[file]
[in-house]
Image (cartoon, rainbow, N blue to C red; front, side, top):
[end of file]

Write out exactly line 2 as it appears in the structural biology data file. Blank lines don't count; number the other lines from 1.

Image (cartoon, rainbow, N blue to C red; front, side, top):